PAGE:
Internet scanning isn’t new anymore and people are still surprised with these results. For this post, I’ll share some techniques I commonly use to map and screenshot several Internet services during pentest engagements. All this could easily be adapted for other protocols and services, so let’s start to Screenshot All the Things.
The easiest way to snapshot these services is to use preexisting tools and script/mod them according to your needs. In order to take screenshots from VNC, I generally use noVNC (an HTML5 VNC client) and a command line utility to capture the WebKit’s rendering of a web page.
The process is pretty straightforward:
1 – Clone the noVNC project from github:
2 – Start the mini-webserver and specify the location of the VNC server you want to screenshot:
4 – Profit!!!
Now all you have to do is masscan the target for ports 5900-5910 (used by VNC), save the results on a text file and create a simple script to take the screenshots. You can also try vncsnapshot, used by @paulm during his Toorcon 2013 talk.
1 – Download and install Spark View for Windows or Linux. Follow the procedure from the Admin Manual, install J2SE JDK, set the JAVA_HOME environment variable, extract, configure and compile the utils from commons-daemon-native.tar.gz. On Debian derivatives, you may need to edit SparkGateway.sh and change the source function library to “/lib/lsb/init-functions”.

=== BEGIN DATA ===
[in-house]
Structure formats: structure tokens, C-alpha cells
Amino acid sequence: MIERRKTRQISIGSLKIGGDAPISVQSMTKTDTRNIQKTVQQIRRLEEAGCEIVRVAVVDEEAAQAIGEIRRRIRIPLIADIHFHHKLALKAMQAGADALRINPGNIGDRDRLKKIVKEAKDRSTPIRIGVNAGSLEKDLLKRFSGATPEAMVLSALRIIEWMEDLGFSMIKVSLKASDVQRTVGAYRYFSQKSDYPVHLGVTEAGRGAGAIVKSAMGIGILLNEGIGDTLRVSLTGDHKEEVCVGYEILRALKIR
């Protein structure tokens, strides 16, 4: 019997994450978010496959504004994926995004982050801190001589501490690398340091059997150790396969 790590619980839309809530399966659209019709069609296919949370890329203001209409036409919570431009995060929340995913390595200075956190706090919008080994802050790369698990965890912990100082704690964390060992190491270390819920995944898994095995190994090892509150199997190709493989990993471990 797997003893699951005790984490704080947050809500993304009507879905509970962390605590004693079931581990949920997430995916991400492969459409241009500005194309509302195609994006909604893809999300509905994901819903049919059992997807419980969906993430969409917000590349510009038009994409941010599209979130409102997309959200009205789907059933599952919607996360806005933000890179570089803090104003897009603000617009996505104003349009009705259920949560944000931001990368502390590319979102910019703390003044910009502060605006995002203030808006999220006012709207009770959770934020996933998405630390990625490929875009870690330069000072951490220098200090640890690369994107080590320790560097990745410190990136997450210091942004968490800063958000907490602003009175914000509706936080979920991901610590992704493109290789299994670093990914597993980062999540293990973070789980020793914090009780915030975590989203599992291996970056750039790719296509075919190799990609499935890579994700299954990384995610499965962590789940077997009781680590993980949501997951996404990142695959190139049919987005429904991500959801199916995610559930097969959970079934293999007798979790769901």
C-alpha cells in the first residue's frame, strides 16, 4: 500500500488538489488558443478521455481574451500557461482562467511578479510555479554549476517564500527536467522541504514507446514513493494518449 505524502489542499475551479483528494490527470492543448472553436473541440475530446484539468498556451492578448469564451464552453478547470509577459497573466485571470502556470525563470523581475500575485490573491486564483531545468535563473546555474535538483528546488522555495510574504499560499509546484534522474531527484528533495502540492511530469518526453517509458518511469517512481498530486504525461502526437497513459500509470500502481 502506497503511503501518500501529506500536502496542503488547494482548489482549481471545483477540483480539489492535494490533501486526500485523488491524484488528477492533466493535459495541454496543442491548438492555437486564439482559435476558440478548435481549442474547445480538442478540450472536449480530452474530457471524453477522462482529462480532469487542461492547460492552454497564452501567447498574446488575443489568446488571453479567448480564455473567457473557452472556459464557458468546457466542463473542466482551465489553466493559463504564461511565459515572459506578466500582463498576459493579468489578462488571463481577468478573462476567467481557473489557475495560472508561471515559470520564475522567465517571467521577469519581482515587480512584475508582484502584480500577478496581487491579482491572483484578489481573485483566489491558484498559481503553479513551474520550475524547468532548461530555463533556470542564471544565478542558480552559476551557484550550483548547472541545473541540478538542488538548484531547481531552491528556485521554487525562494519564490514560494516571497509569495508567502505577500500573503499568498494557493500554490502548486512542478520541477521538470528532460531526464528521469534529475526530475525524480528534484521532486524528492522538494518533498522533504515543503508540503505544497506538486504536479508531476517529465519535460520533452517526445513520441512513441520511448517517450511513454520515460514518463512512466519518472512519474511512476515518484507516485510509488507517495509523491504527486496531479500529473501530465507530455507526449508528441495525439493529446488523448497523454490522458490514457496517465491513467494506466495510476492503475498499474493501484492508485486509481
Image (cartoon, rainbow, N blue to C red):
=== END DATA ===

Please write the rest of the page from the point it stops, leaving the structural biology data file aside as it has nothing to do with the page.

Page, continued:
2 – Start the service (./SparkGateway.sh start) and test it by accessing your local IP on port 80. Remote Spark provides a live demo for their solution here.
4 – Profit!!!
Some commercial tools like Nessus also connects to RDP services and captures screenshots. Taking screenshots from RDP services is very useful to fingerprint operating systems and to map/identify domains and users on the network. I always output these images to OCR tools like tesseract and gocr in order to generate wordlists and compile other useful data:
There’s nothing much to be said about Web Services screenshots. There are lots of posts covering this topic and lots of different tools, including an Nmap plugin. Some references:
I find these tips very useful to get a better view of network services. Now that reporters are getting a pretty good idea from the attackers perspective, you have no excuse to leave your curtains exposed to the Internet without a VNC password. It’s also important to practice safe computing, changing default passwords and enabling Network Level Authentication for RDP services.